Vol. 18 Issue 1, Spring 2013
by Mike Snow, Director of Farm Operations, Willowsford Farm
Butterfly-friendly foods, what the heck are you talking about? Yes, there is such thing! Eating, as they say, is an agricultural act. And, there are different acts of agriculture. Many local farms, whether certified organic or not, embrace wild spaces, avoid using pesticides and invite all sorts of critters to the farm. In fact, many of these critters keep farm pests in check; some also provide pollination services that ultimately put food on your table. You can be a part of these efforts by getting to know your local farms and by supporting what we do for our community with your food dollars.
We take different approaches to managing our farms. There’s the Lazy Fair approach, where we set aside parts of the farm to be what they want to be. That is, we stop mowing. At other times, or in other places, we use an Old Man With A Bag of Seed strategy, where we sow or plant native (and, yes, some non-native!) species in designated areas. These “insectary species” provide food, pollen, or shelter for insects, especially beneficial kinds. You might think more insects would mean more pests, but just the opposite. We want invertebrates in the field! Spiders, bees, true bugs, lacewings, beetles, parasitic wasps… We find the more we have the more we get – meaning, the more and more different kinds of plants and habitat niches we provide, the more in balance our farm seems to be. Yes, we see pests here and there, but by inviting ecological diversity, there are more natural predators that keep those pests in check.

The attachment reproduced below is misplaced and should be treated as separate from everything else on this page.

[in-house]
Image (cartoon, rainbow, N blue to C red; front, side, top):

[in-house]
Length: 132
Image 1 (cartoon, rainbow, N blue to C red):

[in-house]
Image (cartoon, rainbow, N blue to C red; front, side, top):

There are lots of things we can do as farmers to support ecological diversity. And there are many things you can do, too, starting with choosing to eat food from farmers who farm with this philosophy. Get to know some of your local farmers and get your veggies, fruit, meat, dairy, and breads from them. Foods from local farms will taste better and be fresher and healthier than what you get at a grocery store. Shop at a farmers market, farm stand, or an organic Community Supported Agriculture (CSA) program.
While we hope you’ll visit us at our Farm Stand in Ashburn or join our CSA, there are many great farmers in Loudoun County. Learn about how they steward their land and share your concerns to live responsibly and take care of the land. You can learn more at www. willowsford.com, www.loudounfarms.org, www.buylocalvirginia.org.
By joining a CSA or visiting a farm stand, you:
- Eat seasonal, fresh, and clean food
- Learn to be a better, more creative cook
- Support local farmers who keep land in our community open, productive, and biologically diverse
- Bring your family to the farm to learn or play
- Know your farmer and know your food
- Provide safe haven for the bugs and other critters we need to support ecological diversity